Clients are no longer willing to buy the infrastructure, software, and services to implement business functions. There will always be a special market for special software, but it no longer necessary for core business functions. Even if business pays a few more pennies on the dollar, they want to buy the service directly and more and more vendors have entered the market with realistic scope and depth of function of business services that running very large businesses on SaaS based solution is possible.

It is not a flatline Total Cost of Ownership (TCO) argument. It is all about speed and velocity of change in technology and in business. Whether it is reacting to technology change like “electronic payment” or business conditions like “extremely low cost of oil”, it is necessary to react and react swiftly. SaaS based systems are better able whether it is because the SaaS system you are one rolls out upgrades without sympathy, something the IT department could never get away with, or because you can switch to another SaaS provider due to more standardized interfaces and a more universal user interface (UI) that requires less training. SaaS solutions provide the velocity and agility not found in on-premise solutions.

While the on-premise system looks like a promising TCO as its 5 year cost may be lower than the competing SaaS system, it falls apart when the inevitable change occurs. The on-premise system TCO is based on the idea that the 3 to 5 year roll-out will occur with limited change, but that change always occurs and in half decade it can be dramatic change. In fact change is the only consistent truth you can bet on on.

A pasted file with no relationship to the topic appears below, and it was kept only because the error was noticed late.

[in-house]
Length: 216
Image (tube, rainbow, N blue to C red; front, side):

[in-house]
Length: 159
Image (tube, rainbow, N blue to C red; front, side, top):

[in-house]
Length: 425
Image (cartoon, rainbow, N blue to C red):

Next you’ll argue SaaS doesn’t have enough functionality. That is a limited truth for now. It is rapidly changing as the SI’s plunge into the market to fill the gaps with extensions that verticalize each SaaS solution or extend each solution via internal options (using named spaces in the application) or external options such other cloud based systems. It becomes a question of SaaS agility and velocity vs. on-premise optimization; however, optimization fails massively when the conditions of the system that was optimized changes, and again change is inevitable.

The question for each of us to answer is how will SaaS based systems change your job? If you are functional, what is the SaaS based system that will eclipse your on-premise role and skill set. If you are technical hands on, will you work for a SaaS vendor or will you move to area that is still in demand like architecture or network. IT is still in high demand, maybe higher than ever as technology is not just required for business, but the very fabric of business. Everyone who works on business software needs to evaluate your future based on the inevitable change brought by SaaS.